Endocarditis is a disorder that is fortunately rare in individuals who have healthy hearts. However, it can develop suddenly or slowly. Those with symptoms of this condition need excellent medical care at a the state-of-the art cardiovascular center. Understanding the basics of this condition helps patients form realistic expectations about their care.
Overview of Endocarditis
This condition is an inflammation of the heart. Most often the result of a bacterial infection, it is occasionally caused by fungal activity. MedlinePlus notes that sometimes doctors are unable to find the cause. The inflammation affects the endocardium, the inner lining of the heart’s chambers and valves.
The most likely ways germs get into the blood and move to a patient’s heart include:
- Through a central venous line
- From unsterile needles used to inject drugs
- After dental surgery
- Following certain major or minor procedures, such as those performed on the urinary tract
According to research reported at PLOS ONE, a number of studies have estimated the incidence of this condition at 4 cases per 100,000 individuals. More recent research suggests it might be higher.
The Mayo Clinic indicates that endocarditis has many potential symptoms. Among the most common are these:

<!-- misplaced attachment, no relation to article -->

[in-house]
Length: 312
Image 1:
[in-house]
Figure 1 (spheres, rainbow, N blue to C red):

- Chills and fever
- New heart murmur
- Aches in muscles and joints
- A persistent cough
- Weight loss
- Abdominal or limb swelling
- Spleen tenderness
- Blood in the urine
The most important possible complications of the disorder include:
- Strokes and damage to organs
- Infections that strike areas outside the heart
- Actual heart failure
Treatment at a Cardiovascular Center
Based on a patient’s medical history and a physical exam, a cardiovascular specialist might suspect endocarditis. Since in its earliest stages the illness can mimic other disorders, physicians often order these tests to make a diagnosis:
- Blood tests to look for bacteria and anemia
- Electrocardiogram to assess the electrical phases of the patient’s heartbeat
- Transesophageal echocardiogram to examine the heart valves
- Chest X-rays to evaluate the heart and the lungs
- CT or MRI scan to determine if an infection has moved to areas outside the heart
Physicians are able to choose the appropriate antibiotic or combination to treat endocarditis based on results of blood cultures. Patients sometimes need to receive intravenous antibiotics while in a hospital and continue them at home for a total of four to six weeks of treatment.
When endocarditis damages a patient’s heart valves, symptoms can persist and complications might develop years after antibiotics. In some cases, surgery is the recommendation for infections that linger, for replacement of damaged valves, or to treat endocarditis linked to a fungal cause.
Surgery could mean either repairing a damaged heart valve or replacing it. Replacement valves might consist of man-made material or come from an animal.
Sometimes cardiovascular specialists recommend preventive antibiotics before medical or dental procedures the might allow bacteria into the bloodstream.